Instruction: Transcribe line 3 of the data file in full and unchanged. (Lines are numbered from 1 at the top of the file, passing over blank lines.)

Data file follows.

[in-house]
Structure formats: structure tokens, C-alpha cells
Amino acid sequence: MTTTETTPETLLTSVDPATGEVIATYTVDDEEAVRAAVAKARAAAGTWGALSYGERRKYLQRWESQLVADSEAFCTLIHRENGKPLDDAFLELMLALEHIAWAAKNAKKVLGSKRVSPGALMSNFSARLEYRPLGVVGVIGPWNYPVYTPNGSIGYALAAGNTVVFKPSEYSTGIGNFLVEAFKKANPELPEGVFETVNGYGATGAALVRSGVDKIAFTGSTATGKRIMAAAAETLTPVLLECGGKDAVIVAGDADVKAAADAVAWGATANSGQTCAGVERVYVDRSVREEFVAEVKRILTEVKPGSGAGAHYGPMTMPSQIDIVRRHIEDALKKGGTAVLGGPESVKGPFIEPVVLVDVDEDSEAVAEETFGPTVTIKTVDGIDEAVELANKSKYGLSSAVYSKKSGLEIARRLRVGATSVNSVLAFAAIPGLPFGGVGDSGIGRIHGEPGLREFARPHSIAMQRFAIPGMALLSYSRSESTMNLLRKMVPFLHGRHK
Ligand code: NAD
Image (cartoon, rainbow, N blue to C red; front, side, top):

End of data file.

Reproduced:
Amino acid sequence: MTTTETTPETLLTSVDPATGEVIATYTVDDEEAVRAAVAKARAAAGTWGALSYGERRKYLQRWESQLVADSEAFCTLIHRENGKPLDDAFLELMLALEHIAWAAKNAKKVLGSKRVSPGALMSNFSARLEYRPLGVVGVIGPWNYPVYTPNGSIGYALAAGNTVVFKPSEYSTGIGNFLVEAFKKANPELPEGVFETVNGYGATGAALVRSGVDKIAFTGSTATGKRIMAAAAETLTPVLLECGGKDAVIVAGDADVKAAADAVAWGATANSGQTCAGVERVYVDRSVREEFVAEVKRILTEVKPGSGAGAHYGPMTMPSQIDIVRRHIEDALKKGGTAVLGGPESVKGPFIEPVVLVDVDEDSEAVAEETFGPTVTIKTVDGIDEAVELANKSKYGLSSAVYSKKSGLEIARRLRVGATSVNSVLAFAAIPGLPFGGVGDSGIGRIHGEPGLREFARPHSIAMQRFAIPGMALLSYSRSESTMNLLRKMVPFLHGRHK